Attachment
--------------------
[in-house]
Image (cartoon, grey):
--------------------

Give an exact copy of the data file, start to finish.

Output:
[in-house]
Image (cartoon, grey):